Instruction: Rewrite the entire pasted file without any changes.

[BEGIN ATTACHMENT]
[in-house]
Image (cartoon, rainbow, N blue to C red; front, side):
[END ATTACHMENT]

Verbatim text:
[in-house]
Image (cartoon, rainbow, N blue to C red; front, side):